Inflation won't happen in the near future because it's as much due to misguided government policies by the modern Austerians that have stopped eurozone growth by demanding draconian cuts in government spending and budget deficits that would create growth.
Short-sighted and business-driven moves by European countries and companies might bring short term benefit and profit for them, however, it will lead to long-term severe economic and geopolitical consequences that will have a grave affect on EU economic, national, and geopolitical interests.
For mid-career workers, education is a great way to remain vital in the workforce. It can also be a risky financial investment. Experienced workers should fully investigate all degree and training programs for maximum payoff.
It's expected that the House will soon vote on a bill to lift the long-standing ban on crude oil exports. We should take a step back and see how this 180-degree shift in policy will impact us all.
This is not an either/or proposition according to the Holy Father; this is not a question of uprooting the system and starting over. It is about creativity and innovation and opportunity.
The repeated conservative attacks on Donald Trump have failed, because they are off the mark. Candidates like Rick Perry, Rand Paul, and Bobby Jindal did not have the positive image and standing to attack, and they came across as desperate and petulant bottom-feeders.
Decisive policy response helped the economy return to growth only six months after the President took office and made the United States among the first advanced economies to recover its pre-crisis output per capita. Today, those economic indicators that had collapsed in early 2009 have surged above pre-crisis levels and continue to improve:
Wages are rising, finally, and prices are not--a rare confluence in recent decades. American workers need this to continue as long as possible. So do their bosses, in fact, because workers are the consumers that drive economic growth and thus corporate profits.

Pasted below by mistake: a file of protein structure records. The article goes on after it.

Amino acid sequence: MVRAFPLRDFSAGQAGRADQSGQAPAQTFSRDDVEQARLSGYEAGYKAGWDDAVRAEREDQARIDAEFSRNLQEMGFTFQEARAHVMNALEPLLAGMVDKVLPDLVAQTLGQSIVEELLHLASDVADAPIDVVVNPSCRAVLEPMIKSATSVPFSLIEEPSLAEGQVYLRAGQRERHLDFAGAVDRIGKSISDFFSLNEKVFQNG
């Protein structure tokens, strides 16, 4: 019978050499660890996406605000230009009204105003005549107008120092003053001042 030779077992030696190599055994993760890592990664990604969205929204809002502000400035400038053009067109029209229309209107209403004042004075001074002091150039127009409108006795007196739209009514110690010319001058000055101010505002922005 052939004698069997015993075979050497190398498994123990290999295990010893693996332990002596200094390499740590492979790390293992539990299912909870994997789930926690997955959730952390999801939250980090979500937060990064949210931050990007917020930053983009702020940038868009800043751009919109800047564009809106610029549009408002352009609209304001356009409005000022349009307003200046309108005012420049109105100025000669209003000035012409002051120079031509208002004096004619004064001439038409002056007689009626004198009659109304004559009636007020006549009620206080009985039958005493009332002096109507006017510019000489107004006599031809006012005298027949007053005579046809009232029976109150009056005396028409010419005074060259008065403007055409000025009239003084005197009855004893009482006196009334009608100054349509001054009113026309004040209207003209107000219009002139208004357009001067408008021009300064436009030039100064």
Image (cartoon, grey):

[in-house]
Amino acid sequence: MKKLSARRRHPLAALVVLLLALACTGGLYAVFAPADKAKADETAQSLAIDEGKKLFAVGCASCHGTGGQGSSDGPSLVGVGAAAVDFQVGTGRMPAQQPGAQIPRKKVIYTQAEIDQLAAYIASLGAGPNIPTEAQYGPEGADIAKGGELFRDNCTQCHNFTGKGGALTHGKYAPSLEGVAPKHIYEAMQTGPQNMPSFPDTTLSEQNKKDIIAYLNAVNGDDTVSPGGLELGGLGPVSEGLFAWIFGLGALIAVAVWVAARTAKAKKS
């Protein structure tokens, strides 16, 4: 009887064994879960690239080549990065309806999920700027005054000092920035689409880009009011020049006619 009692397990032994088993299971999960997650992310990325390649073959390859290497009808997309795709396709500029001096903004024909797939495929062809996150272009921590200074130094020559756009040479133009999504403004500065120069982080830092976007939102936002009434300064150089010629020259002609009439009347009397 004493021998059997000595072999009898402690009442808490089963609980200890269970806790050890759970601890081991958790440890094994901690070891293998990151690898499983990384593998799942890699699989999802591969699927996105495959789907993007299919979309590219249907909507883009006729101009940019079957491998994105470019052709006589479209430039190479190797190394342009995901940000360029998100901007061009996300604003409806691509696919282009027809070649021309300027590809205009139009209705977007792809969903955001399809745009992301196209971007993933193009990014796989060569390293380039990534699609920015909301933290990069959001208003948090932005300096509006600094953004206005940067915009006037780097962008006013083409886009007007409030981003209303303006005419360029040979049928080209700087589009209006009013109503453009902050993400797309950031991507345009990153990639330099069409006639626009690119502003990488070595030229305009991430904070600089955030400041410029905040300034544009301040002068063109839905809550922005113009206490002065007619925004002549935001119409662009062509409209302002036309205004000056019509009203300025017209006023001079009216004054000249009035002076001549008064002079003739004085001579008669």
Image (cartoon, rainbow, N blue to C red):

Bernie Sanders Came to Town/A-riding on the Polls/Put himself right on the map/And scared those Wall Street Moles.
New data, with help from Google, illustrate unprecedented -- and until now, largely overlooked -- forest loss in Southeast Asia and West Africa, among other hotspots.
This week marks the 7th anniversary of the collapse of Lehman Brothers. The anniversary of this collapse, September 15th, is the day set aside to ridicule the people who warned of a second Great Depression if the Treasury Department didn't rescue the Wall Street banks.
Will those edgy portfolio investors stampede indiscriminately out of--and wreak havoc among--middle- and low-income countries if the Fed lifts interest rates this September, for the first time in almost a decade?
Case studies from Brazil to China, from the United States to Germany, reveal that to square higher wages and competitiveness, governments must adhere to three rules of thumb.
None of the leading candidates seem to encapsulate the aspirations of the Philippines' upwardly mobile citizens, who are desperate to revive the Southeast Asian nation's fortunes.
I miss Herman Sandler, David Rice, Frank Salvaterra, Bruce Simmons, Howard Gelling, Tom Clark, Tom Collins, Doug Irgang, Stacey McGowan, Kristi Irvine, Mike Edwards and all the other Sandler O'Neill colleagues who senselessly died on that horrible day.
We would have never accept the "why do we need computers - we have paper and pens" argument in the corporate world, yet in the non-profit world, funding tends to flow the way it always has simply because that is the way it has always been.